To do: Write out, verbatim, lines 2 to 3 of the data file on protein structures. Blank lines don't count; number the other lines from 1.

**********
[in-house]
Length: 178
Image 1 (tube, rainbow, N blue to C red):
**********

Length: 178
Image 1 (tube, rainbow, N blue to C red):